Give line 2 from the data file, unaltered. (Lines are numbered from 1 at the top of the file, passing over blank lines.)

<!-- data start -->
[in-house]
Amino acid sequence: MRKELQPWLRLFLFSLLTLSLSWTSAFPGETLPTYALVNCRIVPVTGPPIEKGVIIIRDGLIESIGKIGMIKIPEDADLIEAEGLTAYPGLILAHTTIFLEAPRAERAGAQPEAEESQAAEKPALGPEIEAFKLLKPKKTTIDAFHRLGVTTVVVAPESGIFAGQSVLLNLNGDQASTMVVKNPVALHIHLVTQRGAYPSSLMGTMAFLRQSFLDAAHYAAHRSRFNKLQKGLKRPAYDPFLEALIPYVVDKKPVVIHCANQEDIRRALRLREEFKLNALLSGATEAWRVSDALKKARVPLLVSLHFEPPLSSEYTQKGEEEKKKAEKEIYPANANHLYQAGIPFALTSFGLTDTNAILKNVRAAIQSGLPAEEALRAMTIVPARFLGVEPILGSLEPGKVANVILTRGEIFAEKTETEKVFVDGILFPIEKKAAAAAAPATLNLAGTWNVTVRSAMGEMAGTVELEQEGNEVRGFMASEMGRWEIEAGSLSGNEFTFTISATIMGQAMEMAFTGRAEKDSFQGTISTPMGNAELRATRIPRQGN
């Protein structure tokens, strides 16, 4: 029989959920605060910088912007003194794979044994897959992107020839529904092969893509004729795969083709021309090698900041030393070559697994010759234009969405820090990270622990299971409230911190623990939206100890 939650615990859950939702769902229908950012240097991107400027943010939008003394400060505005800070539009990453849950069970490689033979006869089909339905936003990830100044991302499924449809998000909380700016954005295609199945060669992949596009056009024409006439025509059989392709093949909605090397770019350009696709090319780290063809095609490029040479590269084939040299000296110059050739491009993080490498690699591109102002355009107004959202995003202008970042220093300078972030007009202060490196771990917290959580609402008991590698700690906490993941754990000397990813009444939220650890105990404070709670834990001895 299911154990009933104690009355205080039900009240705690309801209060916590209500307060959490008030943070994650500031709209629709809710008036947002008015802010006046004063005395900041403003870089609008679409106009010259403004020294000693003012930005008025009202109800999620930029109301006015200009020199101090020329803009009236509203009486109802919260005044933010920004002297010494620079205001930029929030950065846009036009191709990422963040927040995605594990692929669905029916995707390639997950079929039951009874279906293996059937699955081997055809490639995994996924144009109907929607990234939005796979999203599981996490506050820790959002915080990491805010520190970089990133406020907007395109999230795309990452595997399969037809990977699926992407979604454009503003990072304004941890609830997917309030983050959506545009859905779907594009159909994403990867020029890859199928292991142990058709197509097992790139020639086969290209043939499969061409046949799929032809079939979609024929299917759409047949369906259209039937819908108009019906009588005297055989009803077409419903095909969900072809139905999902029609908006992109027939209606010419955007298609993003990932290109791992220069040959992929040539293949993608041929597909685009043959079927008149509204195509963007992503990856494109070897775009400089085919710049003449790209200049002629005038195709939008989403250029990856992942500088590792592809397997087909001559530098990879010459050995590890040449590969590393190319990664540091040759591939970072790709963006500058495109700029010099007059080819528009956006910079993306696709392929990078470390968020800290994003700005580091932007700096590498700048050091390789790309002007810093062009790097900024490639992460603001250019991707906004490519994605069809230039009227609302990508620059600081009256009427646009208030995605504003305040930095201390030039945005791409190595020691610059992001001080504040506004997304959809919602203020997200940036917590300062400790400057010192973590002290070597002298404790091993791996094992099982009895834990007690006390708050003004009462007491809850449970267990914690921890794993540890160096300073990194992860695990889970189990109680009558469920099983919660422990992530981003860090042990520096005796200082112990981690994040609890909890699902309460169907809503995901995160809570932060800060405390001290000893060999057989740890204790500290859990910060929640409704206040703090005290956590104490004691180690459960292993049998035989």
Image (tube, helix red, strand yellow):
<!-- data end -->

Amino acid sequence: MRKELQPWLRLFLFSLLTLSLSWTSAFPGETLPTYALVNCRIVPVTGPPIEKGVIIIRDGLIESIGKIGMIKIPEDADLIEAEGLTAYPGLILAHTTIFLEAPRAERAGAQPEAEESQAAEKPALGPEIEAFKLLKPKKTTIDAFHRLGVTTVVVAPESGIFAGQSVLLNLNGDQASTMVVKNPVALHIHLVTQRGAYPSSLMGTMAFLRQSFLDAAHYAAHRSRFNKLQKGLKRPAYDPFLEALIPYVVDKKPVVIHCANQEDIRRALRLREEFKLNALLSGATEAWRVSDALKKARVPLLVSLHFEPPLSSEYTQKGEEEKKKAEKEIYPANANHLYQAGIPFALTSFGLTDTNAILKNVRAAIQSGLPAEEALRAMTIVPARFLGVEPILGSLEPGKVANVILTRGEIFAEKTETEKVFVDGILFPIEKKAAAAAAPATLNLAGTWNVTVRSAMGEMAGTVELEQEGNEVRGFMASEMGRWEIEAGSLSGNEFTFTISATIMGQAMEMAFTGRAEKDSFQGTISTPMGNAELRATRIPRQGN